In the output the CNI version is set to 1.0.0 which is wrong. So we change it to a supported version such as 0.3.0 : vim /etc/cni/net.d/10-containerd-net.conflist

To be safe, restart the containerd service after after configuring the CNI plugins: `systemctl restart containerd


curl -s | sudo apt-key add -

echo "deb kubernetes-xenial main" | sudo tee /etc/apt/sources.list.d/kubernetes.list

sudo apt update

sudo apt -y install kubelet

Then replace the binary:
chmod +x ./kubelet
cp ./kubelet /usr/bin

Modify the systemd service:

vim /etc/systemd/system/kubelet.service.d/10-kubeadm.conf
# Note: This dropin only works with kubeadm and kubelet v1.11+
Environment="KUBELET_KUBECONFIG_ARGS=--bootstrap-kubeconfig=/etc/kubernetes/bootstrap-kubelet.conf --kubeconfig=/etc/kubernetes/kubelet.conf"
# This is a file that "kubeadm init" and "kubeadm join" generates at runtime, populating the KUBELET_KUBEADM_ARGS variable dynamically
# This is a file that the user can use for overrides of the kubelet args as a last resort. Preferably, the user should use
# the .NodeRegistration.KubeletExtraArgs object in the configuration files instead. KUBELET_EXTRA_ARGS should be sourced from this file.
ExecStart=/usr/bin/kubelet $KUBELET_KUBECONFIG_ARGS $KUBELET_CONFIG_ARGS $KUBELET_KUBEADM_ARGS $KUBELET_EXTRA_ARGS --container-runtime-endpoint=/run/containerd/containerd.sock --v=9 --read-only-port=0 --anonymous-auth=true --authorization-mode=AlwaysAllow --container-runtime=remote

The kubelet config should look like this:

cat /var/lib/kubelet/config.yaml
    enabled: false
    cacheTTL: 0s
    enabled: true
    clientCAFile: /etc/kubernetes/pki/ca.crt
  mode: Webhook
    cacheAuthorizedTTL: 0s
    cacheUnauthorizedTTL: 0s
clusterDomain: cluster.local
cpuManagerReconcilePeriod: 0s
evictionPressureTransitionPeriod: 0s
fileCheckFrequency: 0s
healthzPort: 10248
httpCheckFrequency: 0s
imageMinimumGCAge: 0s
kind: KubeletConfiguration
nodeStatusReportFrequency: 0s
nodeStatusUpdateFrequency: 0s
resolvConf: /run/systemd/resolve/resolv.conf
rotateCertificates: true
runtimeRequestTimeout: 50m0s
staticPodPath: /etc/kubernetes/manifests
streamingConnectionIdleTimeout: 0s
syncFrequency: 0s
volumeStatsAggPeriod: 0s

It’s important to set the runtimeRequestTimeout to a higher value (default is 2 minutes), if you intend to migrate big containers (~50GB+)!


Install as above for the master node:

chmod +x ./kubeadm

πŸ”—4. Kubernetes bootstrapping


First, we set up the networking and containerd. I followed this tutorial, but it might not be necessary:

cat <<EOF | sudo tee /etc/modules-load.d/containerd.conf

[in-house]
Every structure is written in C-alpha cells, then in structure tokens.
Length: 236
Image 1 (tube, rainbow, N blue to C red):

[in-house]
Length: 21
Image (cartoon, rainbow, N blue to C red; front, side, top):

sudo modprobe overlay
sudo modprobe br_netfilter

# Setup required sysctl params, these persist across reboots.
cat <<EOF | sudo tee /etc/sysctl.d/99-kubernetes-cri.conf
net.bridge.bridge-nf-call-iptables  = 1
net.ipv4.ip_forward                 = 1
net.bridge.bridge-nf-call-ip6tables = 1

# Apply sysctl params without reboot
sudo sysctl --system

sudo mkdir -p /etc/containerd
containerd config default | sudo tee /etc/containerd/config.toml

sudo systemctl restart containerd

cat <<EOF | sudo tee /etc/modules-load.d/k8s.conf

cat <<EOF | sudo tee /etc/sysctl.d/k8s.conf
net.bridge.bridge-nf-call-ip6tables = 1
net.bridge.bridge-nf-call-iptables = 1
sudo sysctl --system

πŸ”—Kubeadm init

On the master node, create a config file in your home directory:

vim conf.yaml
  timeoutForControlPlane: 4m0s
imageRepository: sadrian99
kind: ClusterConfiguration
kubernetesVersion: v1.19.16
kind: InitConfiguration
  criSocket: "/run/containerd/containerd.sock"

Through this, the registry with the customized Kubernetes components will be used.

Then, start the cluster with: ./kubeadm init --upload-certs --cri-socket "/run/containerd/containerd.sock" --config conf.yaml

Note: Ideally, the cluster is exposed with a DNS endpoint, but this did not work for me!

As the output indicates, perform:

mkdir -p $HOME/.kube
sudo cp -i /etc/kubernetes/admin.conf $HOME/.kube/config
sudo chown $(id -u):$(id -g) $HOME/.kube/config

Then, copy the output to join the cluster on a worker node. It looks like this:

kubeadm join --token 90djfo.2386gkxicg6y2ywo \
    --discovery-token-ca-cert-hash sha256:0834d5d47c16799e2b1b4df3431923570549fe903f9339f875dd1f2f9d2dd2ef

Finally, set up CNI:

kubectl apply -f ""

πŸ”—Verify cluster state

kubectl get node -w Should show a ready node after a few seconds.

kubectl get po -A Should show all pods running (including coredns!).